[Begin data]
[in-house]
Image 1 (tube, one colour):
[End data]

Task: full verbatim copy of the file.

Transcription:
[in-house]
Image 1 (tube, one colour):